1998 words

# Metabolic Modelling

• Model 112 was used.

# 1 The Haldane Relationship

Using the “Parameter Scan” utility in Copasi (Figure 1.1), I collected steady state concentrations of ‘A’ and ‘B’ in $$5^4 = 625$$ combinations of $$V_{max(f)}$$, $$K_{m(p)}$$, $$V_{max(r)}$$, and $$K_{m(s)}$$, where each parameter vary from $$1\times10^{-2}$$ to $$1\times10^{2}$$ in a logarithmic scale. Figure 1.1: “Parameter Scan” setup

Here I read the data, and add two columns, where keq represents the experimental $$K_\text{eq}$$:

$$K_\text{eq} = \dfrac{\text{[B]}}{\text{[A]}}$$

and keq_calc represents the $$K_\text{eq}$$ calculated from the Haldane relationship:

$$K_\text{eq} = \dfrac{V_{max(f)}\cdot K_{m(p)}}{V_{max(r)}\cdot K_{m(s)}}$$

q1 <- read_tsv('metabolic modelling/q1.txt', col_names = c('vf', 'kmp', 'vr', 'kms', 'A', 'B'))
q1 <- q1 %>% mutate(
keq = B/A,
keq_calc = (vf * kmp) / (vr * kms),
keq_diff = keq - keq_calc
)
q1
## # A tibble: 625 x 9
##       vf   kmp     vr   kms     A        B      keq keq_calc  keq_diff
##    <dbl> <dbl>  <dbl> <dbl> <dbl>    <dbl>    <dbl>    <dbl>     <dbl>
##  1  0.01  0.01   0.01  0.01 1     1         1         1       0.
##  2  0.01  0.01   0.1   0.01 1.82  0.182     0.1       0.1     0.
##  3  0.01  0.01   1     0.01 1.98  0.0198    0.01      0.01    0.
##  4  0.01  0.01  10     0.01 2.00  0.00200   0.001     0.001   0.
##  5  0.01  0.01 100     0.01 2.00  0.000200  0.00010   0.0001 -1.36e-20
##  6  0.1   0.01   0.01  0.01 0.182 1.82     10.0      10      -1.78e-15
##  7  0.1   0.01   0.1   0.01 1     1         1         1       0.
##  8  0.1   0.01   1     0.01 1.82  0.182     0.1       0.1     0.
##  9  0.1   0.01  10     0.01 1.98  0.0198    0.01      0.01    0.
## 10  0.1   0.01 100     0.01 2.00  0.00200   0.001     0.001   0.
## # … with 615 more rows

Plotting keq_calc against keq shows that $$K_\text{eq}$$ calculated in these two ways are equal, as the linear regression line has a gradient of 1 and passes through the origin.

q1 %>% ggplot(aes(keq, keq_calc)) +
geom_point() +
geom_smooth()+
scale_x_log10()+
scale_y_log10() mod <- lm(q1$keq ~ q1$keq_calc)
summary(mod)
##
## Call:
## lm(formula = q1$keq ~ q1$keq_calc)
##
## Residuals:
##        Min         1Q     Median         3Q        Max
## -1.148e-08 -4.480e-10 -4.480e-10 -4.190e-10  2.880e-07
##
## Coefficients:
##              Estimate Std. Error   t value Pr(>|t|)
## (Intercept) 7.078e-10  4.630e-10 1.529e+00    0.127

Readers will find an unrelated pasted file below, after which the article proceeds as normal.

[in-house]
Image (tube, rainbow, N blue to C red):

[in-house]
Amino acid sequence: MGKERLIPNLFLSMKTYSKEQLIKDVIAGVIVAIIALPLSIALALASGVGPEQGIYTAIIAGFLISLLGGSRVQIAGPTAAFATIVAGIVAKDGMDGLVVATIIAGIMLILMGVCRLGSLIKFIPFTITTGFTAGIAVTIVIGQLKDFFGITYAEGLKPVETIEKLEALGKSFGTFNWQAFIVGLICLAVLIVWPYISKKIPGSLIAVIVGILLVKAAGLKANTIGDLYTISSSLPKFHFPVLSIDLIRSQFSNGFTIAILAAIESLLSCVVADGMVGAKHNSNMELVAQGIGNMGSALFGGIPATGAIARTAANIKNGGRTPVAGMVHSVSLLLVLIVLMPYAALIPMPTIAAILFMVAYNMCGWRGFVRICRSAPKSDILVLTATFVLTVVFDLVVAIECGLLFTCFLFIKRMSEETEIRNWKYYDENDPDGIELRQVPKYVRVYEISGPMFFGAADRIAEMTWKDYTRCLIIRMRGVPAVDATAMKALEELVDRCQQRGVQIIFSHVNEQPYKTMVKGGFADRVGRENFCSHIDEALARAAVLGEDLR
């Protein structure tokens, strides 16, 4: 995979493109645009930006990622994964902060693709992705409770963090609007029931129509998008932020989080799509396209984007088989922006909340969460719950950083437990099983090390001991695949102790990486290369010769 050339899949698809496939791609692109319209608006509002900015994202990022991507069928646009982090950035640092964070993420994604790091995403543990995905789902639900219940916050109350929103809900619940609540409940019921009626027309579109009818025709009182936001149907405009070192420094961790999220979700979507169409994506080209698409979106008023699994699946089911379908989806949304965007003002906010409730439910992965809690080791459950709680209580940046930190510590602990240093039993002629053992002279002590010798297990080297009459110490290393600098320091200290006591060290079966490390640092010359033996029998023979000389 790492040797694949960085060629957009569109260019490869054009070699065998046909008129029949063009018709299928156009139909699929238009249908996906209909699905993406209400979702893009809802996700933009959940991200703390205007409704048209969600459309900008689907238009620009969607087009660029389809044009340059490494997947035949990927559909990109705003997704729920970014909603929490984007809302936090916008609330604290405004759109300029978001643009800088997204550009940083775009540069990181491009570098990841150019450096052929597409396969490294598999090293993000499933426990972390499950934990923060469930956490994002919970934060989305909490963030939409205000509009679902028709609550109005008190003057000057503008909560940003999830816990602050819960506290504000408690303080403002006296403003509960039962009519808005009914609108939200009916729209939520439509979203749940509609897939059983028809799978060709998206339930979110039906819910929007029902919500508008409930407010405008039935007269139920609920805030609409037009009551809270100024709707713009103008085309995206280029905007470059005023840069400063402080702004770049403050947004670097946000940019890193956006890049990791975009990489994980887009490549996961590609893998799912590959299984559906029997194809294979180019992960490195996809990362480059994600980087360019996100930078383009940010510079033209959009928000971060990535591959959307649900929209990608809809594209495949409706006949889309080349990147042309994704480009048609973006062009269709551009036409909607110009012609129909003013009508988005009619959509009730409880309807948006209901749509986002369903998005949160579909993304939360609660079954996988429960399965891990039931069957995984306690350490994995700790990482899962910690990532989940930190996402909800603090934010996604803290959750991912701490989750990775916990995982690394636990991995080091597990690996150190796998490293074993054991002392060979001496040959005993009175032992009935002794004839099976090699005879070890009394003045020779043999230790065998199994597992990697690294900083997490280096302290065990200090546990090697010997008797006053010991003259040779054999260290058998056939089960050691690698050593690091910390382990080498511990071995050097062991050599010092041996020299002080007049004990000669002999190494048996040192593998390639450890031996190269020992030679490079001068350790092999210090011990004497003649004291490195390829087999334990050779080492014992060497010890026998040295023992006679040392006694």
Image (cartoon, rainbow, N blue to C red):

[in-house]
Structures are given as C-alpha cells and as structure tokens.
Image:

## q1\$keq_calc 1.000e+00  1.135e-16 8.814e+15   <2e-16 ***
## ---
## Signif. codes:  0 '***' 0.001 '**' 0.01 '*' 0.05 '.' 0.1 ' ' 1
##
## Residual standard error: 1.156e-08 on 623 degrees of freedom
## Multiple R-squared:      1,  Adjusted R-squared:      1
## F-statistic: 7.769e+31 on 1 and 623 DF,  p-value: < 2.2e-16

The Haldane relationship shows that $$K_\text{eq}$$ is proportional to $$V_{max(f)}$$ and $$K_{m(p)}$$, and inversely proportional to $$V_{max(r)}$$ and $$K_{m(s)}$$, and this can be illustrated using a facetted heatmap:

q1 %>% ggplot(aes(x = vf, y = kmp, fill = log10(keq))) +
geom_tile()+
facet_grid((1/vr)~(1/kms), as.table = FALSE, labeller = label_both)+
scale_x_log10(labels = plain, expand = c(0, 0))+
scale_y_log10(labels = plain, expand = c(0, 0))+
scale_fill_gradient2(low = 'blue', mid = 'yellow', high = 'red')+
labs(title = "Variation of Keq with vf, kmp, vr, and kms")+
theme(axis.text.x = element_text(angle = 90)) Figure 1.2: Variation of $$K_\text{eq}$$ with $$V_{max(f)}$$, $$K_{m(p)}$$, $$V_{max(r)}$$, and $$K_{m(s)}$$

The pattern in each grid shows that $$K_\text{eq}$$ is proportional to $$V_{max(f)}$$ and $$K_{m(p)}$$, and the pattern across the grids shows that it is inversely proportional to $$V_{max(r)}$$ and $$K_{m(s)}$$.

# 2 Control Points in A Simple Linear Pathway

I use the “Parameter Scan” function to vary the $$K_\text{eq}$$ of reaction 3 (that catalyses the reversible conversion between C and D) in the range $$10^{-6}$$ to $$10^6$$ in a logarithmic scale (13 samples). The variables being recorded are $$K_\text{eq}$$ and $$J$$ (flux control coefficient) of reaction 3, and the concentrations of C and D. Then, the reaction quotient, $$Q$$ (a.k.a. mass action ratio), of each row is calculated as:

$Q = \dfrac{\text{[D]}}{\text{[C]}}$

q2_scan_r3 <- read_tsv('metabolic modelling/Q2.txt')
q2_scan_r3 <- q2_scan_r3 %>% mutate(q = d/c)
q2_scan_r3
## # A tibble: 13 x 5
##            j     keq     c         d          q